Ab initio gene prediction with the FGENESB package (Softberry Inc.) predicted 50,192 ORFs from the 3,113 large contigs, including 18,501 RNA ORFs (36.9 %), which was substantially higher than might be expected for this type of organism. For example, only 6,299 peptides were predicted in the genome of V. pirina [34], and 13,233 genes in that of V. inaequalis [32]. The draft genome sequence of F. effusum was somewhat fragmented and an elevated count of small contigs (a total of 11,959) likely led to prediction of multiple ORFs from some genes that were divided among different contigs. Thus the gene count prediction of this draft genome is tentative. To obtain a more accurate perspective on the functional genes [35, 36], we further annotated the ORFs through BLAST at 1e-4 to three genomes, ( Phaeosphaeria nodorum, Pyrenophora teres , and Saccharomyces cerevisiae ), in which only 13,897 ORFs were identified. We also used BLAST against three generic genomic databases (NCBI nr, COG and KEGG), in which there was a total of 18,139 hits. At this less stringent e-value, both numbers are only slightly higher than might be expected in a fungal genome; therefore we conclude that the ORFs identified are likely representative of the functional genes in F. effusum .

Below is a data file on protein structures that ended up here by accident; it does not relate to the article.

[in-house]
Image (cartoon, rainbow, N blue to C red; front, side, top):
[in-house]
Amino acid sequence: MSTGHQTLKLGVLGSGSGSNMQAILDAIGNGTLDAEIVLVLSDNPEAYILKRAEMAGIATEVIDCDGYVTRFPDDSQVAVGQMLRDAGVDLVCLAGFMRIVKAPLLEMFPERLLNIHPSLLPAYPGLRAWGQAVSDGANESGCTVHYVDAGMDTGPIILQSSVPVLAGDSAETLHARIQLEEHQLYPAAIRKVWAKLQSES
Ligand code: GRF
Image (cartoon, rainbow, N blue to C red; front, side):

Genome properties